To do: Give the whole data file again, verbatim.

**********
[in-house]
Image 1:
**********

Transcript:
[in-house]
Image 1: